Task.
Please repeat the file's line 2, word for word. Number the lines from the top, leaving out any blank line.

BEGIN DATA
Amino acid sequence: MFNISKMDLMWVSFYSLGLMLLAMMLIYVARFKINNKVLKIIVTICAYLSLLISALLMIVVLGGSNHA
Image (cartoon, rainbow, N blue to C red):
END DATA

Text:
Image (cartoon, rainbow, N blue to C red):